Diseases making a comeback

Now That Ebola Has Had Its 15 Minutes, Let’s Look At Diseases That We Should Be More Afraid Of

Diseases making a comeback

The media frenzy over the Ebola outbreak this past year did much to raise awareness of the disease and to fast-track research and treatments. That’s a plus.

But the attention on a virus that resulted in less than five deaths in the U.S. (although more than 10,000 worldwide) had the downside impact of drawing interest and work away from a number of diseases that do far more damage routinely than the occasional outbreaks of Ebola.  True, Ebola is very lethal, frightening in that it can be spread through medical professionals, and horrifying in how it kills.

The question is, where do we direct attention and resources, particularly now that the Ebola epidemic is subsiding, to either prevent the next epidemic—or to curtail a disease that affects many more people.

Here are some possibilities:


Drug-Resistant Tuberculosis

Still a major health threat, Tuberculosis is becoming more resistant to the most common drugs used to treat it.  There were over nine million new cases of Tuberculosis worldwide in 2013 and 1.5 million people died from the disease.  New cases are on the decline—slightly—and drugs have decreased the death rate from Tuberculosis by 45% since 1990.  But there were over 480,000 cases of multi-drug resistant Tuberculosis in 2013, and drug resistant strains have become significant killers for people with compromised immune systems, such as HIV/AIDS patients.

Though most cases of Tuberculosis (95%) are in other countries, the disease is still prevalent in the U.S. in areas such as Appalachia.  And a person infected with the TB bacteria can infect 10-15 other people over the course of a year.


Previously-Conquered Diseases Making A Comeback Because of Anti-Vaxxers

Measles, Pertussis, and other childhood diseases are now issues again, because in some communities, the vaccination rates have dropped below the levels necessary for herd immunity.  This had led to spikes in new cases—and deaths.  The focus is drawing resources away from other diseases.



A shrinking world has made for bigger challenges in the battle for effective flu vaccines each year.  For half a century, global systems have helped guide the composition of recommended vaccines, with significant success.  But in 2014, changes in viruses created a situation where there was a big miss—instead of the recommended vaccine being its typically 60-plus percent effective in preventing flu cases, the vaccine proved to only be about 29% effective. And more new virus strains are showing up each year.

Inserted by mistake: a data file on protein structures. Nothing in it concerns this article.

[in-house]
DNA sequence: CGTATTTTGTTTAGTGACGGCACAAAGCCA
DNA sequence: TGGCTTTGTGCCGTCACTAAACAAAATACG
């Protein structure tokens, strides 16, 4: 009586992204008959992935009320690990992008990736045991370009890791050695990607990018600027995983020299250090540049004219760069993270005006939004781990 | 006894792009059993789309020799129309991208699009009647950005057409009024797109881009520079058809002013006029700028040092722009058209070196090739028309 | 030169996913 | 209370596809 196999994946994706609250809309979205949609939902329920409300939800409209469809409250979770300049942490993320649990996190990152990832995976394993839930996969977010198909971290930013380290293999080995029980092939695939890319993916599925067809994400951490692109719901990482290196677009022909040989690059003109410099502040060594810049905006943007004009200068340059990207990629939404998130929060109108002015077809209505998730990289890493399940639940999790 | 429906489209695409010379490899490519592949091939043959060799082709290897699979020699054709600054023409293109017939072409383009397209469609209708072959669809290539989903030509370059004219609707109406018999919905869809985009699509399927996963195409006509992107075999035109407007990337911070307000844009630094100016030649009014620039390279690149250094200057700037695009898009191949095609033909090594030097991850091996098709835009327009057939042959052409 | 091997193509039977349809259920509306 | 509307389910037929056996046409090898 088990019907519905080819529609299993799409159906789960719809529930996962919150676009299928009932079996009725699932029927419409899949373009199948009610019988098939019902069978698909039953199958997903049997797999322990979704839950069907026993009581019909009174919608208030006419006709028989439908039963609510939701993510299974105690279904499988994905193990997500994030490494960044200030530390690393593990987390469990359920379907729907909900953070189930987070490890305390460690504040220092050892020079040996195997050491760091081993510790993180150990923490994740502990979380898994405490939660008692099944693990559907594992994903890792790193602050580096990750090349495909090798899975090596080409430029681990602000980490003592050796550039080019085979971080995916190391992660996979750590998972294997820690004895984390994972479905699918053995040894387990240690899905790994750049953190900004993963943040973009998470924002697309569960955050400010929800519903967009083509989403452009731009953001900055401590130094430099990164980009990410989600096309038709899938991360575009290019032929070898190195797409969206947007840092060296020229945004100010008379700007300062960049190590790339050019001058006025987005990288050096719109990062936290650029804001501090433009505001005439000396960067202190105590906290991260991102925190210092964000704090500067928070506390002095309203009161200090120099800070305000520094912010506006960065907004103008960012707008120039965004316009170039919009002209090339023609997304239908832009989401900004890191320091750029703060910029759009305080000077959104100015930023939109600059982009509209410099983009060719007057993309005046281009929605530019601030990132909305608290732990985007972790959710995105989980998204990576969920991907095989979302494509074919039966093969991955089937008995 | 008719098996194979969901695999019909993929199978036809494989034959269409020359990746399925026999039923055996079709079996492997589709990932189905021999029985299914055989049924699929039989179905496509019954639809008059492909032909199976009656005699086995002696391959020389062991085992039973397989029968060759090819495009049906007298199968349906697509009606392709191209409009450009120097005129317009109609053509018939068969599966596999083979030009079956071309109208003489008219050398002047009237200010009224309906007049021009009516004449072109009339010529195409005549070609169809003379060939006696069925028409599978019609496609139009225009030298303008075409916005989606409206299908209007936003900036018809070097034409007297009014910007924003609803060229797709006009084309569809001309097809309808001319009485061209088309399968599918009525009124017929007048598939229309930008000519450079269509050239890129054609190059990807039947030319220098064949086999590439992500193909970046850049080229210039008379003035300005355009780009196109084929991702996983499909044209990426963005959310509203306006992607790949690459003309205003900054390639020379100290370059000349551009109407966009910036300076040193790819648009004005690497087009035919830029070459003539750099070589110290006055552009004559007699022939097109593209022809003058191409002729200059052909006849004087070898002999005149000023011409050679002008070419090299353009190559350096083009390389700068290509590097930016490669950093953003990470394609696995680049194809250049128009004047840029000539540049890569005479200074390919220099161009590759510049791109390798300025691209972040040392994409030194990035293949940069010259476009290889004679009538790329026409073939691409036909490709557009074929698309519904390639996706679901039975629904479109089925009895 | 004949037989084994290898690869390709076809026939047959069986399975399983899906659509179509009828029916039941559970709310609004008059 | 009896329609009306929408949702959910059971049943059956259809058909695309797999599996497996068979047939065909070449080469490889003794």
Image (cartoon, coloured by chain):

Rotaviruses account for between 20 and 60 deaths of children under age five in the U.S. each year, in spite of vaccinations.  Globally, there are more than 110 million cases each year, resulting in over 440,000 child deaths.



Because progress has been made on the HIV/AIDS front, it’s easy to assume that we’re winning the battle against the virus.  But there’s still a long fight ahead.  HIV/AIDS still kills more than 1.6 million people worldwide each year, and there still is no cure.  People are living longer with the virus—many nearly as long as contemporaries without the disease, thanks to treatment—but the fatality numbers are still dramatic, especially when compared to the deaths last year from Ebola (.000625% of total HIV/AIDS deaths).

There are plenty of other challenges, too—malaria, polio, and scores of “orphan” diseases that are finally getting some notice. Ebola is certainly a serious world health concern, but it’s important to keep outbreaks of any disease in perspective, so sensible strategies for stopping them can be used.

It’s also important, now that Ebola isn’t on the front page anymore, that we don’t forget the damage it can do.


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